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Product details Format Paperback pages Dimensions Review quote "A masterpiece. About Rebecca West Rebecca West was a novelist, biographer, journalist, and critic. She published eight novels in addition to her masterpiece Black Lamb and Grey Falcon, for which she made several trips to the Balkans.

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Sign up now. I posit West begins her text with this, to suggest that the home a happy Ulysses would return to is being reshaped and reconstructed in unforeseen and perhaps threatening ways by the effects of modernity. I must speak to my husband at once. A most terrible thing has happened. The King of Yugoslavia has been assassinated. West decides to break from this tradition to go and see and account for what is happening in the Balkans and thereby the world.

In a modern world, West equates her ignorance of the events in the Balkans with ignorance of her own destiny. Here again we see the purpose for the desire to journey driven by the fear of war instead of the traditional reason of the Homeric epics, where journeying happens to fight war and then the return to restore order at home or in terms of the Vergillian epic to found a new patriarchal space i.

In fact, West makes clear to her husband that she wants to bring him to show him the wonderful things about the Balkans that she cannot tell him. And so she leaves open the possibility of a mutually beneficial and peaceful viewing by the English journeying to the Balkans. This implies a modern epic prerogative to have two worlds meet for unity or understanding instead of in hostility. Constantine is the fictionalised characterization of the real life Stanislav Vinaver, who was the Press Bureau chief for the Yugoslav government based out of Sarajevo. Why should Western Cretins drool their spittle on our sacred things?

Nonetheless, women appear throughout the text, histories and mythologies as symbols and motivations directly influencing nation-building and cultural identity.


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For instance, when West is traveling through Bosnia, Constantine tells about the mythology and customs surrounding St. He describes how Slavic women were used as a distraction and bait against the invading Turks.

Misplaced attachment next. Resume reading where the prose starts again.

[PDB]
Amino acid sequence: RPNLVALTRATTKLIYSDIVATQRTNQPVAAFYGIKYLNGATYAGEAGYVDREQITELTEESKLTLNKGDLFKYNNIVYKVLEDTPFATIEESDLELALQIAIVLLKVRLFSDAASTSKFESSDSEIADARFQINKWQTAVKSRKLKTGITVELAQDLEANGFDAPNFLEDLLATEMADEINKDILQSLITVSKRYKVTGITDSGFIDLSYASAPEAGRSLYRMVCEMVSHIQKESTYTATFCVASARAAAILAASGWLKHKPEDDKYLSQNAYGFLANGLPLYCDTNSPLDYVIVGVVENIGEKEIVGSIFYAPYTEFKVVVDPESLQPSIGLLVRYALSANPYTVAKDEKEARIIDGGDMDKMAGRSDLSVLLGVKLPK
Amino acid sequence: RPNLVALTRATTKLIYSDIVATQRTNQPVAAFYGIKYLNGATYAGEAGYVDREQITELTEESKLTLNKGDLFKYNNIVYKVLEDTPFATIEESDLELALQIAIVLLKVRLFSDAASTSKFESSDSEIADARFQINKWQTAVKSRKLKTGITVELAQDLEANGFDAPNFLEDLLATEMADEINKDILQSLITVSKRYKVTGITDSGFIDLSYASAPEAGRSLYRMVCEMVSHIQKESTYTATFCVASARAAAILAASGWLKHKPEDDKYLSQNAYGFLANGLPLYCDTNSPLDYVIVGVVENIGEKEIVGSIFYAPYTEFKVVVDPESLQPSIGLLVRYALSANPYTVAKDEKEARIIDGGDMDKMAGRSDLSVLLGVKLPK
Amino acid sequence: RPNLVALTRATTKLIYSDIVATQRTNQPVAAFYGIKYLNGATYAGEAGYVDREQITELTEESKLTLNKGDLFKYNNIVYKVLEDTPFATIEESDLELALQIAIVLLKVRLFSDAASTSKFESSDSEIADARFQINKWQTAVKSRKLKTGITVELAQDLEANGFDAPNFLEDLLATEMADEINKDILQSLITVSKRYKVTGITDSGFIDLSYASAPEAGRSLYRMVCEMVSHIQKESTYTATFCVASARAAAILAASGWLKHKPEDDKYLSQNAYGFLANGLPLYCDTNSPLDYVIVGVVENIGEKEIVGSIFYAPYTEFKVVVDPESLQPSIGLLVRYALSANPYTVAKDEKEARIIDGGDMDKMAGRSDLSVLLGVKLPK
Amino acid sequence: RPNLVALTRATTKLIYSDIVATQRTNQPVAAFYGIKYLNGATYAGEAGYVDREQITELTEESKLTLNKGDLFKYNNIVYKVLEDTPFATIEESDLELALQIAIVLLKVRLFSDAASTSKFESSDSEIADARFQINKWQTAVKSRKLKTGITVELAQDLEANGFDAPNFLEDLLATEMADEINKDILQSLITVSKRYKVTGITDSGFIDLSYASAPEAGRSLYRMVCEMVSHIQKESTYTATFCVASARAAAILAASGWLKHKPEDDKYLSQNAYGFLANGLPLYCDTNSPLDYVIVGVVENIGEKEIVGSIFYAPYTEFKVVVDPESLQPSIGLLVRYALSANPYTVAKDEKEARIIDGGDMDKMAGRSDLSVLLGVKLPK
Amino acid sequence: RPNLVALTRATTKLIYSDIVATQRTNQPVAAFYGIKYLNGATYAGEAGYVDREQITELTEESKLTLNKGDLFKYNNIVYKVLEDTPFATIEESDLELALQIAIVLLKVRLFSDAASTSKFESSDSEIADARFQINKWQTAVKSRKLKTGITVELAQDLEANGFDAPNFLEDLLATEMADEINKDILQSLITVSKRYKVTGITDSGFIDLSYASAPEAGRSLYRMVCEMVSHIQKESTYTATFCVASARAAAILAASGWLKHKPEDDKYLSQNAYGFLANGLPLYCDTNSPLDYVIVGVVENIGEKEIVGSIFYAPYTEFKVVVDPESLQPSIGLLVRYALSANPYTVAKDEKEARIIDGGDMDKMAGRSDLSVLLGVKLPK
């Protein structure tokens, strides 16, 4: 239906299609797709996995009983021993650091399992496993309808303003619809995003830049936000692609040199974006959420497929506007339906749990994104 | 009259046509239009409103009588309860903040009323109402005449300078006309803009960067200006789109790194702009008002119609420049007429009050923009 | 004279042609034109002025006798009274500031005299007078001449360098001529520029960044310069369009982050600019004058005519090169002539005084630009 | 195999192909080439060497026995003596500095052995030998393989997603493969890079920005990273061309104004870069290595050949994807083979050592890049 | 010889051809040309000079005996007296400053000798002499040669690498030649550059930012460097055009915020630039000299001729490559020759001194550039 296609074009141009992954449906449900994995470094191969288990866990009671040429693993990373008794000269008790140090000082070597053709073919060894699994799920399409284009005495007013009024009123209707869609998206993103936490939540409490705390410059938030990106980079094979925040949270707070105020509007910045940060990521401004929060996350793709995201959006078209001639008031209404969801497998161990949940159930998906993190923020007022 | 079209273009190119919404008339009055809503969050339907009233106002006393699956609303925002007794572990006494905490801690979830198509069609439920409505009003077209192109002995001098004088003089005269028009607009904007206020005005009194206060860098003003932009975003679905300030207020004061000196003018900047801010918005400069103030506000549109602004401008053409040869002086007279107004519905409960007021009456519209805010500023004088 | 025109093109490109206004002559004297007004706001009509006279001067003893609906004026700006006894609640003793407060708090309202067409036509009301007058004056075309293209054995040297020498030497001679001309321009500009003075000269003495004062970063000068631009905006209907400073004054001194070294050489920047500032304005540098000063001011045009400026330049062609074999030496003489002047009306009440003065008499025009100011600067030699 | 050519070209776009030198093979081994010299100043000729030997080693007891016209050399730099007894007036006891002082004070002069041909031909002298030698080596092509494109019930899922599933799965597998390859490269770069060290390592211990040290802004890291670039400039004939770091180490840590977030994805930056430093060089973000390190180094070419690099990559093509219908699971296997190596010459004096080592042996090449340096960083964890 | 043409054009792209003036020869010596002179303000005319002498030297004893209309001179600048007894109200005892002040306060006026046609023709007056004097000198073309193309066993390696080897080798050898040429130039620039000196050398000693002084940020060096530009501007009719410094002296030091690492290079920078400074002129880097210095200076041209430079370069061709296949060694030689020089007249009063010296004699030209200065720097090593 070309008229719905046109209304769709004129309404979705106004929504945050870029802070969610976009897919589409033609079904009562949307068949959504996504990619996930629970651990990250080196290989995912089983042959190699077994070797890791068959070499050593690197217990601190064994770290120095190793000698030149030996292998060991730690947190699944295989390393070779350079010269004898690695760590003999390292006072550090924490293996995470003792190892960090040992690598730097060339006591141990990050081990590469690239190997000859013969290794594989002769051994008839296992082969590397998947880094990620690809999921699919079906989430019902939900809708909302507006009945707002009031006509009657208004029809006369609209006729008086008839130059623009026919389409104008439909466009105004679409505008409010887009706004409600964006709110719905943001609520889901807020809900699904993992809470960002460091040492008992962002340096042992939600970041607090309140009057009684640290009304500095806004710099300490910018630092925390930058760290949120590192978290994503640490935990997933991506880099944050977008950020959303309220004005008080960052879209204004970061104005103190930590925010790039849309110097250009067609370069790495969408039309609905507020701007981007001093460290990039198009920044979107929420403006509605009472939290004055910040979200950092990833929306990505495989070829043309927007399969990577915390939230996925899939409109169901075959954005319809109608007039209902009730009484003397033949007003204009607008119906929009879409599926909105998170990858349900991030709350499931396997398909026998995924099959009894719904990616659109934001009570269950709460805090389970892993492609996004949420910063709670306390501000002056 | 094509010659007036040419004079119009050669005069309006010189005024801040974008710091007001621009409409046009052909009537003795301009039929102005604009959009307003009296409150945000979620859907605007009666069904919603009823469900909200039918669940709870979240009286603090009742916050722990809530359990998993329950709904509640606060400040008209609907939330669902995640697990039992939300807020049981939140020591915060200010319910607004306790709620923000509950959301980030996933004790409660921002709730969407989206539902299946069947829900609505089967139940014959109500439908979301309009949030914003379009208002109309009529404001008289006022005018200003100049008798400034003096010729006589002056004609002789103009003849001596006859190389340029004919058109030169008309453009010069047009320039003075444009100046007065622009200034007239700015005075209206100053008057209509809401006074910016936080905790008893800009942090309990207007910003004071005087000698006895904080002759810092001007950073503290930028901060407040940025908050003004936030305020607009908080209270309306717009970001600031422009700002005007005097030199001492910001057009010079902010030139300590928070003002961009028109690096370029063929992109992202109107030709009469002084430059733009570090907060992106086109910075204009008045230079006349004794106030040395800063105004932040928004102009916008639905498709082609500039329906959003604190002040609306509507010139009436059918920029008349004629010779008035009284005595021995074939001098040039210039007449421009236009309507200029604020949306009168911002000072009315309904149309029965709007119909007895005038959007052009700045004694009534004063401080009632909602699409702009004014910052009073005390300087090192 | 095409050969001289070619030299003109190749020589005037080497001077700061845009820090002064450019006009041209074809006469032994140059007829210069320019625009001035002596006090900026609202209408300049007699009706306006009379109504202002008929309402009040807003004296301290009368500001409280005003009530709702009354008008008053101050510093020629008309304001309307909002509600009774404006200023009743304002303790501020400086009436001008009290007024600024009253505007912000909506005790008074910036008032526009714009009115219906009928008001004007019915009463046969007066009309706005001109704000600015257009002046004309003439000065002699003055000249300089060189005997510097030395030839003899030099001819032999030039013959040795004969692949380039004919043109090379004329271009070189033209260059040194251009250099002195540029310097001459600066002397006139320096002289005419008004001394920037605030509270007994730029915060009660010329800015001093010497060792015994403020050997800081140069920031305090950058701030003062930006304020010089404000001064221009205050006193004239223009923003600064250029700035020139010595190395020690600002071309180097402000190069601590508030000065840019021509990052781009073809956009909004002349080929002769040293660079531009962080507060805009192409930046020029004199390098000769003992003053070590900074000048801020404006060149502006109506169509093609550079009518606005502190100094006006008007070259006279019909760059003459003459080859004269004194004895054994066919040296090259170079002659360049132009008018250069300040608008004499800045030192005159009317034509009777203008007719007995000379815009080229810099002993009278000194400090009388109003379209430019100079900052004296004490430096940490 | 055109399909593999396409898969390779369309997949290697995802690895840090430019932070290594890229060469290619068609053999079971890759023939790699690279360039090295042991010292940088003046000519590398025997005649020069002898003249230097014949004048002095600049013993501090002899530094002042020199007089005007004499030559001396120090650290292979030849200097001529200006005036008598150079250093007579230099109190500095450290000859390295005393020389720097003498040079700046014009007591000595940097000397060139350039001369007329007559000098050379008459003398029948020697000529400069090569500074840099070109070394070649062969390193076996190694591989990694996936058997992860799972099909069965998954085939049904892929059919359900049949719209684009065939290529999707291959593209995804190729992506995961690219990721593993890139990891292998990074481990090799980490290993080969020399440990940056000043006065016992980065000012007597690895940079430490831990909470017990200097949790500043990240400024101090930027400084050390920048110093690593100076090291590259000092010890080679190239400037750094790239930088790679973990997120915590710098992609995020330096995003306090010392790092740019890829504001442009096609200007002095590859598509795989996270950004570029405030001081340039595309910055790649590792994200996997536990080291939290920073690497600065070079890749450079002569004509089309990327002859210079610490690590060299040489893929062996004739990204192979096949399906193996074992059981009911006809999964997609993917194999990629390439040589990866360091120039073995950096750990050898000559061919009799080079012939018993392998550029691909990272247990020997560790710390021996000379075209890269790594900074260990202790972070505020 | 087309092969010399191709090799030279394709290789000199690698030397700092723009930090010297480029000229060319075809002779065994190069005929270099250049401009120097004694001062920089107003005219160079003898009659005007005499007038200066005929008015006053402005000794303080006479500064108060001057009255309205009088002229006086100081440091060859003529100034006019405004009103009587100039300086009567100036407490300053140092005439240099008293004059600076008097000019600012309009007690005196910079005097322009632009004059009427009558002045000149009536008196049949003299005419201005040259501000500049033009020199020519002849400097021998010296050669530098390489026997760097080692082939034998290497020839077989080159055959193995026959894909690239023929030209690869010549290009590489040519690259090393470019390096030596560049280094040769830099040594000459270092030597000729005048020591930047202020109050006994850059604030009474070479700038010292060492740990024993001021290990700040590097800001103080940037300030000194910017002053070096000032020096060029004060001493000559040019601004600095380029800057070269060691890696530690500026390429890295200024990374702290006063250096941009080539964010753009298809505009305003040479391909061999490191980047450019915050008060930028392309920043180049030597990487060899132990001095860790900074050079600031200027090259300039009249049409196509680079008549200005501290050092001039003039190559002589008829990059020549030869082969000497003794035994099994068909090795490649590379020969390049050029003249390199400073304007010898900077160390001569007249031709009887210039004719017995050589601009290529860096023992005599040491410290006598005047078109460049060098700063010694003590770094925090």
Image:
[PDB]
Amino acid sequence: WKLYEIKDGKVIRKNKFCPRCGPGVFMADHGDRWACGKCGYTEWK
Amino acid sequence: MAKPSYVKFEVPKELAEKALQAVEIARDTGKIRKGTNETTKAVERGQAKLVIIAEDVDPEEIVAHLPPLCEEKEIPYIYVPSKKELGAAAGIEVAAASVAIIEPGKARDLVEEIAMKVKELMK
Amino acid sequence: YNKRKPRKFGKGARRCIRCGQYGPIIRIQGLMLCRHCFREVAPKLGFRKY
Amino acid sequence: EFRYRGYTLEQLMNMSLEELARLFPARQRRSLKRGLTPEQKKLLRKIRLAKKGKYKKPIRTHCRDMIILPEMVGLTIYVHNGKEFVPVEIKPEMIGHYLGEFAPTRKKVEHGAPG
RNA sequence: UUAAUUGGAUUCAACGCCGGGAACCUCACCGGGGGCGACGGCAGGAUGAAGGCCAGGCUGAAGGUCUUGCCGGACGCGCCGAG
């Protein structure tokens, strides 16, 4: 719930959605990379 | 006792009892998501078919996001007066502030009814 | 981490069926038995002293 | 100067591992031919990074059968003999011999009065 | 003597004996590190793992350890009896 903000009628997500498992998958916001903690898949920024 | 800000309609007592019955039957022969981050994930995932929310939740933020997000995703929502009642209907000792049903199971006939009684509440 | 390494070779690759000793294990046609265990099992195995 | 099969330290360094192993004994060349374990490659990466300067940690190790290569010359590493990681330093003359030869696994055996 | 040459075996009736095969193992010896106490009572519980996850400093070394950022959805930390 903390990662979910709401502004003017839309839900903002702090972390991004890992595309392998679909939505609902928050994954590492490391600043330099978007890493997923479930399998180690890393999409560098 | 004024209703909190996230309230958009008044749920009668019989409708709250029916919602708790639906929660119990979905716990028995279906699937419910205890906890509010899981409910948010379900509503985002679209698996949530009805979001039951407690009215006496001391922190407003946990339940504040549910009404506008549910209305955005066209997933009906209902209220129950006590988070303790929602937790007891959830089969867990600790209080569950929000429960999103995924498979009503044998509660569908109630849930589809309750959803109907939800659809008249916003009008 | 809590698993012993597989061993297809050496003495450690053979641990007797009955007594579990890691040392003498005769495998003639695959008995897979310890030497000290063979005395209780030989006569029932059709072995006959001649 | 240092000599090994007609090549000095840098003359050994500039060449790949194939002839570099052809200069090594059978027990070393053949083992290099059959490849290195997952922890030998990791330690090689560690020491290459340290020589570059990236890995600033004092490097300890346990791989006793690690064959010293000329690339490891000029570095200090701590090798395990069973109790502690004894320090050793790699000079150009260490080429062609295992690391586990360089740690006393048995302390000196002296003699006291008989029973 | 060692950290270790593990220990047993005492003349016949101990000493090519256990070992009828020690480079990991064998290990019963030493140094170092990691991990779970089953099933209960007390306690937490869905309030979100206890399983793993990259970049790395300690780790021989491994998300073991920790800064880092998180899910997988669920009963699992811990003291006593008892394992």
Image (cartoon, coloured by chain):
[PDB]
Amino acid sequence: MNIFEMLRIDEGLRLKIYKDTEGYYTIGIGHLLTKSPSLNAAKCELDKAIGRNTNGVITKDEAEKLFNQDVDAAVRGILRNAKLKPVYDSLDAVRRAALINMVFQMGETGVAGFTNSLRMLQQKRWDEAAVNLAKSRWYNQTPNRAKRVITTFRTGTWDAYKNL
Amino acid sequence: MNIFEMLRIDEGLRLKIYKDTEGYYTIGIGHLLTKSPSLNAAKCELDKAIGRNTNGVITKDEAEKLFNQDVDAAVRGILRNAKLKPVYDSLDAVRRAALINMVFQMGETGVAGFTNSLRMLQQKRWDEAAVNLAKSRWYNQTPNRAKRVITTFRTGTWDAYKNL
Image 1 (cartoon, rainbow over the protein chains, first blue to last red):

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The women were sent out to the nearby forest of the town and told to sing and dance. Then when the Turks heard them singing and saw them dancing they thought […] the fortress would be like a ripe fruit in their hands. But since they were always like wolves for women, they left their ladders and they ran down to rape the poor little ones before they started looting and killing in the town.


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When they were in the woodlands and marshes down by the river the Christians rose from their ambush and destroyed them. And the little ones who had been so brave went back to the city they had saved, and for a few more years they were not slaves [33]. This story exemplifies how women are literally set up to, not only defend and sacrifice themselves for the state, but also how they can later be made into symbols of state. Constantine explains that the tradition continues every St.

And in this defending, sacrificing and symbolising they are made honorouble women for men. De Beauvoir states,. A myth always implies a subject who projects his hopes and his fears towards a sky of transcendence. Women do not set themselves up as subject and hence have erected no virile myth in which their projects are reflected […] woman has only a secondary part to play in the destiny of […] heroes [35].